News | Artificial Heart | September 13, 2016

SynCardia Artificial Heart to Emerge from Chapter 11 Reorganization With New Owner

Court-approved plan will see business sold to Sindex by Sept. 16 of this year

SynCardia, Chapter 11 reorganization, sale, Total Artificial Heart

August 29, 2016 — SynCardia Systems, manufacturer of the Total Artificial Heart (TAH), announced that the judge overseeing its Chapter 11 reorganization has approved the conditions for the bankruptcy process.

The judge approved the following:

  1. The court approved for SynCardia the retention of its professionals, debtor in possession financing and bid procedures;
  2. The second order provides SynCardia with access to money to continue to make purchases and operate in its normal course; and
  3. The last order entered provides for the sale of the business to Sindex. The court, after hearing all the arguments, granted a workable and reasonable time table for the business to be marketed and sold in the near-term, with a sale date of Sept. 16, 2016.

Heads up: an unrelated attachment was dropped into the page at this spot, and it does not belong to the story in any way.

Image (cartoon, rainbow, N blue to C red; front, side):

SynCardia said its plans for the future remain unchanged. They include the following initiatives:

  1. Complete the next generation of Freedom portable driver, which will be smaller, lighter and virtually silent. The Freedom driver powers SynCardia Total Artificial Hearts and provides patients with nearly unlimited mobility;
  2. Complete the U.S. Food and Drug Administration (FDA)-approved 50cc TAH-t clinical study in the United States. The 50cc is a smaller version of SynCardia 70cc TAH-t and fits women, adolescents and men of smaller stature. The 50cc TAH-t has already been approved for use in Europe;
  3. Complete the FDA-approved destination therapy clinical study in the United States for patients who are not transplant eligible; and
  4. Expand the availability of the SynCardia Total Artificial Heart to underserved populations and geographies.

The International Society for Heart and Lung Transplantation (ISHLT) recently issued the first annual report of its Mechanically Assisted Circulatory Support (IMACS) registry. The global registry monitors the outcomes of patients receiving durable mechanical circulatory support (MCS) devices in all countries and hospitals wishing to participate.

According to the latest statistics in the IMACS report, 73.5 percent of patients implanted with the SynCardia Artificial Heart were either alive on the device (26.3 percent) or were transplanted (47.2 percent) at six months. This is the highest bridge-to-transplant rate for any durable device.

For more information:

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